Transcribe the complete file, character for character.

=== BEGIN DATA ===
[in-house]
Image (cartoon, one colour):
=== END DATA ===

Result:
[in-house]
Image (cartoon, one colour):